We haven't connected since then, would like to try to find her again (she's not on Facebook, or at least isn't visible).

Condolences on the loss of your friend, farmerman.

(You know about the concept of happiness "set points," right?)

One further thought as I re-read your post, I have had intense friendships as an adult, too. I tend to be a serial BF'er, which is to say I've pretty much always had a close friend with shortish gaps, just that close friend changes, mostly because one or the other of us move. (I stay friends with everyone who was ever a close friend as an adult, starting at 18 or so, but when you don't see each other often it's hard to maintain that level of closeness.) About to Skype with my most recent close friend, who moved a few months ago. Skype helps, but...
George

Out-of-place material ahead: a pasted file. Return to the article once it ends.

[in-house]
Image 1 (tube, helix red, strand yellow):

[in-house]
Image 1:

1  
Reply Mon 1 Nov, 2010 12:20 pm
I think it's grossly unfair for anyone to hold you to a boyhood pact.
0 Replies
 
John Trenor
 
  1  
Reply Mon 1 Nov, 2010 12:55 pm
@farmerman,
I think it’s wonderful to stay connected with childhood friends, especially because there are so many sentimental memories attached to the people who made them happen. An individual’s childhood takes part in shaping who they are.
In my experience it is much easier to stay connected with friends do to Internet, however it only satisfy the basic principles of friendship.

Ceili
 
  1  
Reply Mon 1 Nov, 2010 03:38 pm
Of the five greatest friends I had in my earliest days..